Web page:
Muscle density discriminates hip fracture better than computed tomography X-ray absorptiometry hip areal bone mineral density

Ling Wang, Lu Yin, Yue Zhao, Yongbin Su, Wei Sun, Yandong Liu, Minghui Yang, Aihong Yu, Glen Mervyn Blake, Xiaoguang Cheng*, Xinbao Wu, Annegreet Veldhuis, Klaus Engelke

*Corresponding author for this work

    Research output: Contribution to journalArticlepeer-review

    39 Citations (Scopus)

    Abstract

    Background: Muscle weakness is a key factor in the increase risk of falls and might also play a significant role in the increase of risk of hip fracture. Computed tomography-measured muscle size and muscle density are well-established imaging biomarkers used in studies of physical function, frailty or cancer, but limited to hip fracture. In particular, it is warranted to have a better understanding of the performance of muscle size and density in the discrimination of acute hip fractures. We also aim to determine age-related differences of muscle size and density in healthy controls and hip fracture patients. Methods: Four hundred thirty-eight low-energy acute hip fracture cases and 316 healthy controls from the China Action on Spine and Hip Status study were included in the study. Muscle cross-sectional area and density were measured for the gluteus maximus and gluteus medius and minimus. Areal bone mineral density (aBMD) of the femoral neck and total hip was measured. Using propensity score matching, we generated three samples with cases and controls matched for age, body mass index, and gender: femoral neck fracture (FNF), intertrochanteric fracture (ITF), and any hip fracture vs. controls, respectively. Results: Handgrip strength, gluteus muscle area and density, and bone parameters of the matched hip fracture groups were lower than those of the correspondence control groups, respectively (P < 0.05). The univariate analysis showed that associations of aBMD with FNF and with ITF were significantly weaker than associations between fracture and muscle parameters. Gluteus medius and minimus muscle density showed the highest areas under the curve (AUC) with FNF (0.88, 95% confidence interval, 0.85–0.92) and trochanteric fracture (0.95, 95% confidence interval, 0.92–0.97). The model including all muscle and bone parameters provided the highest AUC (FNF: AUC 0.912; ITF: AUC 0.958), and AUC results of another selected model without muscle density showed that association with fracture significantly dropped (FNF: AUC 0.755; ITF: AUC 0.858). Separate results for the two age groups younger and older than 70 years showed no age-related significant differences in discriminate models. Conclusions: Muscle density performs better than aBMD from hip computed tomography X-ray absorptiometry and muscle size in discrimination of hip fracture. Combination of aBMD and muscle density provided the best discrimination. The integration of muscle assessments may trigger a paradigm shift in hip fracture prediction. Gluteus muscle density should also be evaluated as treatment outcome.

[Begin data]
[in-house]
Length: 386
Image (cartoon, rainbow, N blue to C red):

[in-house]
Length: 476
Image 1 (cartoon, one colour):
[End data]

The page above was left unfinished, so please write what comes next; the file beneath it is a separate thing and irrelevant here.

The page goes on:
Original languageEnglish
    Pages (from-to)1799-1812
    Number of pages14
    JournalJournal of Cachexia, Sarcopenia and Muscle
    Volume11
    Issue number6
    DOIs
    Publication statusPublished - Dec 2020

    Keywords

    • Acute hip fracture
    • Bone mineral density
    • Muscle density
    • Muscle size

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